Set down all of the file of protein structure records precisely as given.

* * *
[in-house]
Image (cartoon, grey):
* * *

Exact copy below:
[in-house]
Image (cartoon, grey):